Introducing a new dog to cats
Contrary to popular belief, dogs and cats can be the best of friends. Of course, introducing a new dog to your cat or cats needs to be done carefully, particularly if neither animal has ever seen or been close to each other before.
Give your cat a safe space
If your cat feels nervous or apprehensive, it’s important they have somewhere safe to retreat to. Choosing their favorite place and making it comfortable for them will help them to be secure and it’s even better if it’s somewhere your new dog won’t be able to access.
You may want to move their essentials to their safe place during the transition period, as this will ensure they have everything they need. A litter tray, food, water, and favorite blankets and toys will ensure your cat feels safe while he or she adjusts to the new member of the family.
Add accessible high spaces
Cats love to climb on anything that’s high up, especially when they’re feeling nervous. As dogs can’t jump as well as cats, it should be easy to add high perches that your cat can reach. Dedicated cat perches can be a great option, or you can add custom shelving to give your cat a safe space.
When your cat is feeling inquisitive, he or she may sit up high so that they can keep an eye on the strange newcomer and get accustomed to having a dog in their home.
Of course, it’s essential to make sure that your dog can’t reach these cat perches. Larger dogs will stand on their hind legs, while puppies are known for scrabbling around on the backs of couches, so double-check your cat will be out of reach.
Keep dogs and cats separate
When you’re first introducing a new dog to your cats, it’s better to keep them separated at first. Scent swapping can be a good way to gradually introduce the pets to one another, so stroke each pet without washing your hands in between. In addition to this, move the scent of each animal around the house via blankets, so that they can become familiar with each other without any pressure.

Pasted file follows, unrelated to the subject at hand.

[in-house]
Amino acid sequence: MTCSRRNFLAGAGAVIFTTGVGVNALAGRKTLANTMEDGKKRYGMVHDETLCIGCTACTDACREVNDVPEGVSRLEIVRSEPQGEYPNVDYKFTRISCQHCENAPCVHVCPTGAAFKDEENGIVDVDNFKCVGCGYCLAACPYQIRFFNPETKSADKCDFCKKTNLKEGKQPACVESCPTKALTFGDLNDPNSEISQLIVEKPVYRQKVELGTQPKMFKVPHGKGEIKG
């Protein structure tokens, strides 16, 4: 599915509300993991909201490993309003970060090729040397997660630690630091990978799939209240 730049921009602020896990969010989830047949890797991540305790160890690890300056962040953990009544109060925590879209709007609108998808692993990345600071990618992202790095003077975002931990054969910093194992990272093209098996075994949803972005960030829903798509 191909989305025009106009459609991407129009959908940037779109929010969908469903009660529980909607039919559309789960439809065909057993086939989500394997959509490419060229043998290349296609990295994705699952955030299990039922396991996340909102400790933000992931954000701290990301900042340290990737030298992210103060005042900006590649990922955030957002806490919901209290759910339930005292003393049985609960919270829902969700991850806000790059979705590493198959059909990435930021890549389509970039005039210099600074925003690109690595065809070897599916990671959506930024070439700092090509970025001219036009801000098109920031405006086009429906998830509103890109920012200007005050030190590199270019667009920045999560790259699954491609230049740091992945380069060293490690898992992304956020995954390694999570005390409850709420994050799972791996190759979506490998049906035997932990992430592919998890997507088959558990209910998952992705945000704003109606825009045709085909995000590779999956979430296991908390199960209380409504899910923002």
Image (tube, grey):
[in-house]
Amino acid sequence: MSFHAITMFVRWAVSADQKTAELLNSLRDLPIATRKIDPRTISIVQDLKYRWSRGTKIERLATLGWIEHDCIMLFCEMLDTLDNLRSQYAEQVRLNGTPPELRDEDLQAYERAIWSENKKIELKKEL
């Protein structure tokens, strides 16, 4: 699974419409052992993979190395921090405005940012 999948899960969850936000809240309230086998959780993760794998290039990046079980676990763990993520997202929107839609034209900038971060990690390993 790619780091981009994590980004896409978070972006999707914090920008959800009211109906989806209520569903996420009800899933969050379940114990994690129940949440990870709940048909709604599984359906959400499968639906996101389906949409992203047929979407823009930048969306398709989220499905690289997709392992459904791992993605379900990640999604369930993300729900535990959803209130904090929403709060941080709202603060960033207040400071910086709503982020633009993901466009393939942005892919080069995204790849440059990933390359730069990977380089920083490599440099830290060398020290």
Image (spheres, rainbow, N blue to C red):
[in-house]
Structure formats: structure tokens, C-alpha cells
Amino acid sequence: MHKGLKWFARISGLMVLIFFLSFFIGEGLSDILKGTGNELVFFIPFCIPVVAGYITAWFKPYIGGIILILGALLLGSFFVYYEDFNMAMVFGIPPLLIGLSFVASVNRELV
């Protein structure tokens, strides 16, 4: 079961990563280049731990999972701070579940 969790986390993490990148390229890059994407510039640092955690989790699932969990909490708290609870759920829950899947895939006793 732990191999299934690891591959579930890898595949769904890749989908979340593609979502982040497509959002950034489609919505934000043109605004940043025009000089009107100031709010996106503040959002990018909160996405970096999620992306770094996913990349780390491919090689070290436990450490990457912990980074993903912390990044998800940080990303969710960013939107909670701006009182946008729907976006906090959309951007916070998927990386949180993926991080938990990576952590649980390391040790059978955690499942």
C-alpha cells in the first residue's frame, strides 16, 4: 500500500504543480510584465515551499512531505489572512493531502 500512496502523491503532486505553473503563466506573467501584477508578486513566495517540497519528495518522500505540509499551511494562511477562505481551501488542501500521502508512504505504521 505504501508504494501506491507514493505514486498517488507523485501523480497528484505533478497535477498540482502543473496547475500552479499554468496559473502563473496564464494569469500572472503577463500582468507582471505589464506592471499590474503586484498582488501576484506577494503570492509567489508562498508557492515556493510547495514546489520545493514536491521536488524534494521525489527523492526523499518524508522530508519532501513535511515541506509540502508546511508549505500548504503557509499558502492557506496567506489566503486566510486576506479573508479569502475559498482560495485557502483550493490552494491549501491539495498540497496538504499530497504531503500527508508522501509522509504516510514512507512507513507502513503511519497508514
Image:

Cats move quickly and dogs often think their movements indicate a great game of chase is on the cards. However, it’s vital to stop your dog chasing your cat, particularly when they’re first meeting. Ensure your cat has an easy route back to their favorite safe space and keep your dog on a leash.
As dogs can become over-excited, you might want to try and tire them out with a good walk or lots of play first. Similarly, having treats or favorite toys on hand to distract them can be a good idea.
Keeping initial meetings short can help each animal to become more confident, so don’t try to force things. Slow meetings tend to build for better relationships, so follow the animals’ lead and keep them separate for a little longer if either your dog or cat appears nervous or frightened.
Introducing a new dog to your family
Whether you’re introducing a new dog to other dogs, cats, hamsters or gerbils, supervision and trust-building is key. You might be eager for your pets to become firm friends straight away but rushing the introductions can lead to problems further down the line.
Instead, take things slowly and let your pets become accustomed to one another first. With constant supervision and mindful introductions, your new furry friend will soon be an integral member of the pack.